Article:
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Not again! Brave New World

Posted by Lewis on July 21, 2003

In Reply to: "..innocent until proven guilty.." posted by janes_kid on July 20, 2003

: : : We often hear that the United States Constitution guarantees that an accused is "..innocent until proven guilty.." in a court of law. I have done a word by word search on a site that claims to present the complete text of the US Constitution and I cannot find the words "guilty" or "innocent". Are they in the Constitution? If not, where did the phrase "..innocent until proven guilty.." originate?

: : The Fifth Amendment of the U.S. Constitution reads, in part, "No person shall be ... deprived of life, liberty, or property without due process of law ..."

: : What this means, in plain terms, is that constitutionally you cannot be executed, imprisoned, or fined without the proper course of justice taking place.As you found out, due process, itself, is not defined in the constitution, but is universally recognized as meaning what we term as "a fair trial."

: : Going forward from there, a fair trial by a jury of one's peers requires that the jurors approach the case with the thought that the prosecution is required to prove the defendant guilty beyond a reasonable doubt. Since the trial begins with the prosecution not having introduced a single piece of evidence, it follows that a defendant must be innocent, until proven guilty.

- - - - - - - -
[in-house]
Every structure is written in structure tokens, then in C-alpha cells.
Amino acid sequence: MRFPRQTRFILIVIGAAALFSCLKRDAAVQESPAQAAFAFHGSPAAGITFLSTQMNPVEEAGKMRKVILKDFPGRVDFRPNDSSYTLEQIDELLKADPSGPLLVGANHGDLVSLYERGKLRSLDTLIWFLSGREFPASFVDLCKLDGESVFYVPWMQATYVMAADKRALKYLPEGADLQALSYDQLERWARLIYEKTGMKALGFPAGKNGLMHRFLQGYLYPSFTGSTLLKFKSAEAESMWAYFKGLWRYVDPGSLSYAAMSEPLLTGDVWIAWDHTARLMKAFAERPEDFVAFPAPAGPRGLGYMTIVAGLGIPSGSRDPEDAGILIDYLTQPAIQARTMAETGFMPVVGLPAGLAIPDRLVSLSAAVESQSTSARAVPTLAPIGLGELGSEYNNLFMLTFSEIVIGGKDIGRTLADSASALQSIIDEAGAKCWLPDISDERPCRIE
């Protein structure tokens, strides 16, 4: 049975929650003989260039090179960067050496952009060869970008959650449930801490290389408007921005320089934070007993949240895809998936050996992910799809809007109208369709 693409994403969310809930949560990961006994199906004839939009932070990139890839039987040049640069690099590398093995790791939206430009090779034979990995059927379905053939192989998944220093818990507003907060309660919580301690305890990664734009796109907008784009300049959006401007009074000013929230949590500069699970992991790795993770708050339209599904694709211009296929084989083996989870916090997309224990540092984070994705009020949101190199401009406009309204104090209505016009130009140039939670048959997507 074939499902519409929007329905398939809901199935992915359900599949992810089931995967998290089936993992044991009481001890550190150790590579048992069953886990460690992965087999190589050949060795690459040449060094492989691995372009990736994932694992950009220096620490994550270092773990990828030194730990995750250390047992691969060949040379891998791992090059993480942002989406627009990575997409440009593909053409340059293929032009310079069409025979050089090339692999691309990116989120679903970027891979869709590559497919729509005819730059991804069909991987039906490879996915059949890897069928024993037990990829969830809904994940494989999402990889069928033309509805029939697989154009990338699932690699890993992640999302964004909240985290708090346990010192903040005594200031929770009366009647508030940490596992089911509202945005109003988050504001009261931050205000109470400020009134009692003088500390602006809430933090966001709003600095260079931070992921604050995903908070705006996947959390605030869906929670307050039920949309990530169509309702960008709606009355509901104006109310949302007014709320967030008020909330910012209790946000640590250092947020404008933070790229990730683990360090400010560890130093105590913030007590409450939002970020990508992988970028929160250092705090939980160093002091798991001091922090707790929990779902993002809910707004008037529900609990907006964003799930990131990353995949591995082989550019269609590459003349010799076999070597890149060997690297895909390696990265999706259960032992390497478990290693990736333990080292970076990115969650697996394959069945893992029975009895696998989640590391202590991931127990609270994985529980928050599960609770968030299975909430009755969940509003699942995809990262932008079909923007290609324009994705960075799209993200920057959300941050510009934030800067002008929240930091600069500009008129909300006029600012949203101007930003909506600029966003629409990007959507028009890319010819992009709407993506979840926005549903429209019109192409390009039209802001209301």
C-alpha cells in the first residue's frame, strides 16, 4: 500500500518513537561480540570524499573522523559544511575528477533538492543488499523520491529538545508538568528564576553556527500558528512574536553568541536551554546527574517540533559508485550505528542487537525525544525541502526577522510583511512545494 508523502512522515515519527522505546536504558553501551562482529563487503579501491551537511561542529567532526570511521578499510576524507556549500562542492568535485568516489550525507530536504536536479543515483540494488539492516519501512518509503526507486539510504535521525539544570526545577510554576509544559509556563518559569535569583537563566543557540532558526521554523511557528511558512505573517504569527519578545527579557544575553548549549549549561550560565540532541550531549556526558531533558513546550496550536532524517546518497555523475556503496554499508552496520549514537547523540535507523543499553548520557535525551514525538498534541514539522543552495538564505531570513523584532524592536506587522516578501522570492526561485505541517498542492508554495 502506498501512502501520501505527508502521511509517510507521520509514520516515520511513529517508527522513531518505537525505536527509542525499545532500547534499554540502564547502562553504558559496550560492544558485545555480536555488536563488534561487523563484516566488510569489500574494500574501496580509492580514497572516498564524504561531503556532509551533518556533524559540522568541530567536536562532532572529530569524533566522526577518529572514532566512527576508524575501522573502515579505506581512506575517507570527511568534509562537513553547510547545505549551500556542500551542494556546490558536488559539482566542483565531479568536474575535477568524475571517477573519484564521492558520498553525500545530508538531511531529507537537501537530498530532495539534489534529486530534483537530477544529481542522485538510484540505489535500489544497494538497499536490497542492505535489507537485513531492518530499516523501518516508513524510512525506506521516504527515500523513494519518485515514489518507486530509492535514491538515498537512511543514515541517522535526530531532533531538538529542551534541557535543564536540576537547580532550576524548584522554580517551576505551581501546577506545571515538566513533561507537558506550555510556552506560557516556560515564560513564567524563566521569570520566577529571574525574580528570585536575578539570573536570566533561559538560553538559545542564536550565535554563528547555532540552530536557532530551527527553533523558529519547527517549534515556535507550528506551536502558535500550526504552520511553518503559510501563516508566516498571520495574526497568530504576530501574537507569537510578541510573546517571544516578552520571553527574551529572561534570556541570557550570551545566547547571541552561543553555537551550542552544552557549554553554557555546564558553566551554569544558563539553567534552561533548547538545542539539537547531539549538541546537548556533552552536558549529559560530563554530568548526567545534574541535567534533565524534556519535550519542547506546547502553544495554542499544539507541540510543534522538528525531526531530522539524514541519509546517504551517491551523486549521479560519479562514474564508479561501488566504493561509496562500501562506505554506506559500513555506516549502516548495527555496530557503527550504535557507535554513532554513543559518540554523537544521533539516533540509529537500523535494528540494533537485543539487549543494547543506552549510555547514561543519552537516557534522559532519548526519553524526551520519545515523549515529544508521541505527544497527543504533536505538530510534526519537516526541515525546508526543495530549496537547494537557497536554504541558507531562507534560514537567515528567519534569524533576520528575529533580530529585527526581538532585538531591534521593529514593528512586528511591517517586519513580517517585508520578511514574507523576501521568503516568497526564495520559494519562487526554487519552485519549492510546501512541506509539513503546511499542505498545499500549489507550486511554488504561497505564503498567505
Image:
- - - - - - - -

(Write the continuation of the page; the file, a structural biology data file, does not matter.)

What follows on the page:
: So, the meaning of "..innocent until proven guilty.." derives from the fifth amendment but who coined the phrase?

It may amaze a certain segment of the American population, but there were laws before the United States had been discovered by Old-Worlders, let alone before it had a Constitution.

I cannot say whether "the presumption of innocence" is derived from Greek, Roman, Mosaic Law or even of that of Hammurabi, but I am 100% certain that it pre-dates the American Constitution by approaching the odd millenium, even in Europe.

"The presumption of innocence" that a person is "innocent until proven guilty" is the Golden Thread that runs through (criminal) law. It was what is known as "common law" and although it has appeared in statutes (Acts and suchlike) and been varied from time to time, it is part of what people would consider "natural justice".

The criminal burden of proof is not that a person is guilty just because it is "more likely than not" that they did something, but if there is any "reasonable doubt" about guilt, then that person is entitled to be acquitted. That is the "burden of proof" in criminal trials and it rests upon the precept that a person is only "guilty" after a fair trial - or as you may say "due process of law".

Please think about what you ask - the world was quite an interesting place even before Europeans settled in North America and when they went over, they still had, say 300 years (1492-1776), without a national identity or corporate logo. 1776 was NOT the beginning of the world and to suggest it was would be to risk several billion Chinese people laughing at once.